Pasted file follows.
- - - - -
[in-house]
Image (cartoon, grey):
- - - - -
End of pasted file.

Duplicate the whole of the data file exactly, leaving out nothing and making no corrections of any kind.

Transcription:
[in-house]
Image (cartoon, grey):